Hope Nunnery – Holler of the mountains
Hope Nunnery has a name, a voice and a story that all seem in their own ways too good to be true. At least until you hear her talk about them. Then, like the songs on her first album, Wilderness Lounge, they just seem natural, and inhabited.
First, that name. “I got Hope, because my parents were told they couldn’t have children,” she says, waiting on a decaf coffee in an Irish bar off Times Square. “But sixteen years being married, here I come. And the nurse in the hospital said, ‘You’ve hoped for a child so long, you should name her Hope.’ So I got Judith Hope, but they always called me Hope.”
Nunnery is a not-uncommon family name in the part of South Carolina where she grew up, near Sumter. (Her mother’s people were Hatfields, she says, “which carries its own baggage.”) This was in the 1950s and ’60s, and Nunnery, who is 52, recounts a childhood drawn from a pastoral America of cotton fields and mules and church singing. And her grandmother sitting on the porch, which is where the voice comes in.
“We’d get on the porch and sing unaccompanied,” Nunnery says. “And of course we’re not Appalachian by any stretch, but when you think of those voices that you can almost hear mountain in them, she had that sort of voice. She could holler.
“I mean, I’m alive because she could holler. I got into her medicine one time and almost killed myself, I was like 3 years old. She hollered and got the nearest neighbor to come and take us to the hospital. So you can imagine it was a pretty powerful voice.”
Nunnery’s own voice is deep and wild, rich, sometimes ghostly (but in an assertive, chain-rattling way). The songs are spare and melodic, with strains of gospel, country-blues and honky-tonk. The lyrics are haunted by loss, but uplifted by glimpses of redemption, however fleeting.
On her album’s title track, Nunnery happily declares herself “an old gal singer in the Wilderness Lounge/Where seeking souls all come around.” It’s not the kind of sentiment you expect to find on a debut album, but most people don’t wait until after their 50th birthday to make a debut.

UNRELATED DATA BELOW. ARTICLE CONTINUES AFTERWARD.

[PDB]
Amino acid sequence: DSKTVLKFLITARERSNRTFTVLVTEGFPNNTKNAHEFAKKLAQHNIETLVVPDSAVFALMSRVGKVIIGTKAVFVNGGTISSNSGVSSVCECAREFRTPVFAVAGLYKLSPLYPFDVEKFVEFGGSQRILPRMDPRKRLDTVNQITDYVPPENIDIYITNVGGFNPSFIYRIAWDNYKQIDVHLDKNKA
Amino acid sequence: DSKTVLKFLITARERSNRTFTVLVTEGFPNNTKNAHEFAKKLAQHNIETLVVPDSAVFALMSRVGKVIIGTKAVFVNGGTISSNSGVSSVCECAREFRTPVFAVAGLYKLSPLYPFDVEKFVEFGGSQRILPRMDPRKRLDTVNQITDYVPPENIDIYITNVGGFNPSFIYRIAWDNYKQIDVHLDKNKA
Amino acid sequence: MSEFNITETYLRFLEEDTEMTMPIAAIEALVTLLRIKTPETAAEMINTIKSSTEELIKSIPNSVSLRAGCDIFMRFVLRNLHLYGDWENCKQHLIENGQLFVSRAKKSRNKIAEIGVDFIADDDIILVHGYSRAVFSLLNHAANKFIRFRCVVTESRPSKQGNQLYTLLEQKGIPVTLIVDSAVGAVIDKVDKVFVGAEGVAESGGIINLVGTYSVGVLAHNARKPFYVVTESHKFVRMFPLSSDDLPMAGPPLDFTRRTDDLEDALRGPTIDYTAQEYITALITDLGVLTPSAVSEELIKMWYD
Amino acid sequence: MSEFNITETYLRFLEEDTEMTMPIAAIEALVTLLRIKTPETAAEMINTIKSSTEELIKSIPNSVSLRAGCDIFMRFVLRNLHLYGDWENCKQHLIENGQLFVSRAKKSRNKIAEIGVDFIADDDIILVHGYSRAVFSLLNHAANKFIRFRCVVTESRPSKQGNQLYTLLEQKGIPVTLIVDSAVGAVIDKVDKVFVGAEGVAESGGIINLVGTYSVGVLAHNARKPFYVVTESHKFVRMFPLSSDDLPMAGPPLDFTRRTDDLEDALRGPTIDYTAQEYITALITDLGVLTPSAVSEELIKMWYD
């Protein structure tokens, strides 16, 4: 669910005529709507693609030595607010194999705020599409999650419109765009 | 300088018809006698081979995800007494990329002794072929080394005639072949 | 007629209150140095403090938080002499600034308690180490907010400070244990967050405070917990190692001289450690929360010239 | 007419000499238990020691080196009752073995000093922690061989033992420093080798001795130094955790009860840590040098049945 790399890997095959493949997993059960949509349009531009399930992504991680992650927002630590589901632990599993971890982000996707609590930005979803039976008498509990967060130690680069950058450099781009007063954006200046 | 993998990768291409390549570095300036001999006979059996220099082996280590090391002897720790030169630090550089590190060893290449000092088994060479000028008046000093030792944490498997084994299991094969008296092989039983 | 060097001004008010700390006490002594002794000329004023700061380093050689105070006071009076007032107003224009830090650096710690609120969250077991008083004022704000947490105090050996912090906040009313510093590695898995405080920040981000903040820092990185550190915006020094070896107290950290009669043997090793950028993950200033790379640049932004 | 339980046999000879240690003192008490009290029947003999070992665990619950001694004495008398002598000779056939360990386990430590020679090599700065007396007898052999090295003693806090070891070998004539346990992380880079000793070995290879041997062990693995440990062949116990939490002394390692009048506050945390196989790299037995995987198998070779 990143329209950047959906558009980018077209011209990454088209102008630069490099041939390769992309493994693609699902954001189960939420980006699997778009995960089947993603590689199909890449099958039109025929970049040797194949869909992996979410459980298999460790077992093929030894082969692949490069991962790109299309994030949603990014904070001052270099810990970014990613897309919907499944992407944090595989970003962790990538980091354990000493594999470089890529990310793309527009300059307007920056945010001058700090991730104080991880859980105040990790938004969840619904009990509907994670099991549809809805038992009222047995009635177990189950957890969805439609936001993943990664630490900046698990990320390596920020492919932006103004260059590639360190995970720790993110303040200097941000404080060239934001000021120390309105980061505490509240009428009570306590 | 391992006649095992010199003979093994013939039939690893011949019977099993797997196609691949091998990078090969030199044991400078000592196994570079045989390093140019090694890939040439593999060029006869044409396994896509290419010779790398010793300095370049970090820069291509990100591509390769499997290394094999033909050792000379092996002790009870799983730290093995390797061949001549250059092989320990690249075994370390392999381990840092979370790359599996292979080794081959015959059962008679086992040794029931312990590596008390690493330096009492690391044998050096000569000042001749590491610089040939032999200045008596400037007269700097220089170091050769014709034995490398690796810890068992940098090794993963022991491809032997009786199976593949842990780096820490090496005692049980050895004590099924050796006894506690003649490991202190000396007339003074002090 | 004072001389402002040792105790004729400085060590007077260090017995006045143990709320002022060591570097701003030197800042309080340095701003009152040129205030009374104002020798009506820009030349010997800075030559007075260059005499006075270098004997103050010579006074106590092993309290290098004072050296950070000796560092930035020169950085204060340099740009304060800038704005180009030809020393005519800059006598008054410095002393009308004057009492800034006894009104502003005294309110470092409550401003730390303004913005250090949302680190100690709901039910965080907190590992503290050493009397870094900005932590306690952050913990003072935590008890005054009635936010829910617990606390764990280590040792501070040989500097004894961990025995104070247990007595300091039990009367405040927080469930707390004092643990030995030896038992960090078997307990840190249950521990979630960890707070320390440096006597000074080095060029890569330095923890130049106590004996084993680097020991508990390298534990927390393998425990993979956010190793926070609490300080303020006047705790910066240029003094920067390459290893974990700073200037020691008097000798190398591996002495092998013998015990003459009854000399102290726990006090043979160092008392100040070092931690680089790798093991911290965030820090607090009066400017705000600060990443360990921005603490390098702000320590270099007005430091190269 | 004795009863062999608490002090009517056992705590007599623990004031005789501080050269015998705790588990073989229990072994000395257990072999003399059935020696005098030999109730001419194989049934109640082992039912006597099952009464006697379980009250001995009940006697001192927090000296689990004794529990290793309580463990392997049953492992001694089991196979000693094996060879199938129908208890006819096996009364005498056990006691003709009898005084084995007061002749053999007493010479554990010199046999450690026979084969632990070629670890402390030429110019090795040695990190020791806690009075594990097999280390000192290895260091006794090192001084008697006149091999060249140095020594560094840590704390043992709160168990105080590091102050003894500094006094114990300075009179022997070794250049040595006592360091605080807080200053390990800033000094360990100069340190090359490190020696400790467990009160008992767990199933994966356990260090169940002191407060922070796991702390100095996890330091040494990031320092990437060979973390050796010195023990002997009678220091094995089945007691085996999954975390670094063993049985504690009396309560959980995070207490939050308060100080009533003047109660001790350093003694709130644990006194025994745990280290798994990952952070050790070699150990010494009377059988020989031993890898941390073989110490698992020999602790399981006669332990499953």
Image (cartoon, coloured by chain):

“You know what,” she says, “I don’t think my heart was big enough to write these songs twenty years ago.”
Nunnery was the first person in her family to attend college — neither of her parents finished high school — and she majored in theater almost accidentally. In the 1980s she found her way to New York, where she auditioned and worked day jobs, including as a child abuse investigator. (She currently works as a secretary.)
Her early love of music stayed with her, and along the way she began honing her craft, taking lessons in voice and music. The latter led her to Steve Tarshis, a local pro who started as her slide-guitar teacher and ended up as her bandmate.
“Once I heard her sing, my mind was blown,” says Tarshis, a self-described “Jewish guy from Westchester” who had played around town with roots-rock bands. He produced Nunnery’s album, played guitar and contributed vocals.
“I’m kind of a student of American music in general,” Tarshis says. “And the important thing about it to me is not just the preservation of it, which I think is important, but the continuation of it. What I saw in Hope was someone with a very unique ability to do that, because she’s got a foot in both worlds.”
Nunnery is very aware of the eras she spans.
“My grandmother was born in 1894, and I was born in 1955,” she says. “When you think of 1894, and New York City in 2008, I’m a product of her raising. And of the things she’d say to me, and how she’d walk with her snake stick. I’ve seen her, me and her walking up the little dirt road by the church, and her take her toe and just chop that snake in one fell swoop. Things like that you just suck into you, and you get to New York, and years pass, and they become more real than what happened yesterday.
“I think it’s a product of aging,” she continues. “I think it’s also a product of aging well. I like to say I feel like I’m doing that. I’m not afraid of being old. As a matter of fact, I feel like I’m finally coming into my own.”